Fri. Jun 14th, 2024

Ukraine ‘already hitting Putin’s targets’ on Russian territories with Western weapons

Tyler Mitchell By Tyler Mitchell Jun8,2024

Ukraine is already hitting Russian targets on its territories with Western weapons, Portugal hinted on Wednesday. Defence Minister Nuno Melo expressed personal support for Ukraine’s defensive measures against military threats from Russian soil, stressing the importance of such actions.

“I’ll tell you what I think, I mean, all defensive actions involve the use of weapons,” Melo stated during the Schuman Defence and Security Forum in Brussels.

He illustrated his point by asking: “Imagine you have artillery pieces placed on Russian territory that are being used to batter Ukrainian lines. Are the Ukrainians inhibited from trying to destroy those artillery pieces? Any normal person would understand that that wouldn’t make much sense.”

While clarifying that his opinion does not represent the official stance of the Portuguese government, Melo emphasised that Ukraine should be able to neutralise threats with available weapons.

“If there are artillery pieces on Russian border territory, for example, that are being used to murder Ukrainians, then Ukraine should be able to use the weapons at its disposal to destroy those artillery pieces,” he insisted.

The debate comes at a time when Western nations are reconsidering the limitations on Ukraine’s use of supplied weapons. Traditionally, restrictions were imposed to prevent escalation and avoid direct confrontation with Russia.

For instance, Ukraine‘s Kharkiv region, located just 50 kilometres from Russia’s Belgorod district, frequently faces artillery and missile attacks launched from across the border.

Other Western leaders are also pushing for a policy shift. French President Emmanuel Macron and NATO Secretary-General Jens Stoltenberg have advocated for allowing Ukraine to strike military targets within Russia using advanced long-range Western weapons.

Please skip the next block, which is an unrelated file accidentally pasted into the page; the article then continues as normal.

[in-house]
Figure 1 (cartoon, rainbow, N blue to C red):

Macron stressed the strategic necessity of such a move, stating: “If we tell [the Ukrainians] you do not have the right to reach the point from which the missiles are fired, we are in fact telling them that we are delivering weapons to you, but you cannot defend yourself.”

Stoltenberg echoed this sentiment, adding: “The right to self-defence includes hitting legitimate targets outside Ukraine.”

Despite the potential for escalation, Western leaders like US Secretary of State Antony Blinken maintain that Ukraine must decide on the best ways to defend itself. The US will continue supplying necessary defensive equipment. Blinken, during a visit to Moldova, reiterated: “We haven’t encouraged or enabled strikes outside of Ukraine. Ukraine, as I’ve said before, has to make its own decisions about the best way to effectively defend itself.”

Meanwhile, European nations are ramping up their military aid to Ukraine. Belgium and Spain have each pledged around €1bn in new military support, and Sweden announced a 13 billion kronor aid package, its largest yet, including air defence systems and armoured vehicles.

This increased aid comes as Ukrainian forces face mounting pressure from Russian offensives, particularly in the northeastern Kharkiv and eastern Donetsk regions.

Tyler Mitchell

By Tyler Mitchell

Tyler is a renowned journalist with years of experience covering a wide range of topics including politics, entertainment, and technology. His insightful analysis and compelling storytelling have made him a trusted source for breaking news and expert commentary.

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